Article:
Extreme Precipitation in Northeast to Increase 52% by 2099

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A new study projects more heavy rainfall events in the region due to climate change.

Worker tries to clear flooded road in southern Vermont rainstorm
A restaurant employee uses a rake to remove debris from a drain along Route 5 in Brattleboro, Vt., during a rainstorm in August 2019. A new Dartmouth study predicts a marked increase in heavy rain events in the Northeast by the end of the century. (Photo by Kristopher Radder/Brattleboro Reformer via AP)

With a warmer climate creating more humid conditions in the Northeast, extreme precipitation events—defined as at least 1.5 inches of heavy rainfall or melted snowfall in a day—are projected to increase in the Northeast by 52% by the end of the century, according to a new Dartmouth study.

The findings are published in Climatic Change.

“As climate change brings warmer temperatures, you have more water vapor in the atmosphere, which creates the right conditions for extreme precipitation,” says first author Christopher Picard ’23, an earth sciences major and undergraduate researcher in the Applied Hydroclimatology Group at Dartmouth.

“Our findings show that this increase in extreme precipitation will be primarily driven by more frequent heavy rainfall events, not by the intensity of such events,” says Picard. “In other words, we expect a large increase in the number of extreme precipitation days, and a smaller increase in the amount of rain on each extreme precipitation day.”

The findings also show that winter and spring contribute most to the projected 52% increase in extreme precipitation in the region by 2099, with increases of 109% and 89%, respectively.

Through previous research, senior author Jonathan Winter, an associate professor of geography and lead of the Applied Hydroclimatology Group, and other collaborators investigated how heavy rainfall events in the Northeast have changed historically. By examining data from 1901 to 2014, they found that there was about a 50% increase in extreme precipitation from 1996 to 2014, and that the increase was linked to climate change.

Jonathan Winter and Christopher Picard
Jonathan Winter, left, an associate professor of geography and lead of the Applied Hydroclimatology Group, and Christopher Picard ’23, an earth sciences major and undergraduate researcher in the group, are co-authors of the study. (Photo by Katie Lenhart)

“Building on our earlier work, we were particularly interested in determining how much extreme precipitation is expected to change across the Northeast in the future,” says Winter.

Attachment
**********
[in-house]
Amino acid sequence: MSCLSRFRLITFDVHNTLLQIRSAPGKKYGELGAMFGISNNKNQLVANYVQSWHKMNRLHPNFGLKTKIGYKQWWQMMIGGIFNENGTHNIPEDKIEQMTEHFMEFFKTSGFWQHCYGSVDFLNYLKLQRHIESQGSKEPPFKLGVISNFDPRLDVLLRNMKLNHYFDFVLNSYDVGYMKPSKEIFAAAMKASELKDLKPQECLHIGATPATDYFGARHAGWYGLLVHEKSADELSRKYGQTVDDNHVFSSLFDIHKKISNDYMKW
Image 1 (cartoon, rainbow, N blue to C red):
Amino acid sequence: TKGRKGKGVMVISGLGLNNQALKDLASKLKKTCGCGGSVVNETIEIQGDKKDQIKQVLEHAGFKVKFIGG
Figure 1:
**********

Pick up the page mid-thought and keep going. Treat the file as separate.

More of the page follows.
Similar to their other papers, the new study defines the Northeast as Maine, New Hampshire, Vermont, Massachusetts, Connecticut, Rhode Island, New Jersey, New York, Pennsylvania, Maryland, Delaware, West Virginia, and Washington, D.C.

Dartmouth’s study found that extreme precipitation increases are projected to be largest in West Virginia, parts of Pennsylvania, central New York, and northeastern Maine, with predominantly smaller increases along the Atlantic coast and south of Lake Ontario.

Map of the North East indicating that Virginia and Northern Maine will receive more rainfall in inches
Projected changes in precipitation in the Northeast by 2099. (Figure by C.Picard et al.)

The researchers applied a regional climate model from the National Center for Atmosphere Research to simulate precipitation for a historical period of 1976 to 2005 and future period of 2070 to 2099. Then, they compared their results to simulations of changing heavy rainfall events from other regional climate models and found that their results are consistent with the other regional climate model simulations, which predict increases in extreme precipitation ranging from 58% to 169%.

“Extreme precipitation events can pose threats to life, property, infrastructure, and the environment,” says Winter.

Previous research has reported how flooding, landslides, and erosion from these events can wash out roads, trigger agricultural runoff of pollutants, and damage recreational areas. “So, understanding where the floodplain is actually located, having the right-sized culverts or green infrastructure in place, and properly designing roads and bridges, are important to managing the extra water that we’re likely to encounter in the future,” he says.

Charlotte Cockburn, Guarini ’21; Janel Hanrahan at Northern Vermont University—Lyndon; Natalie Teale, a postdoctoral fellow in geography with Dartmouth’s Society of Fellows; and Patrick Clemins and Brian Beckage at the University of Vermont also contributed to the study.

Amy Olson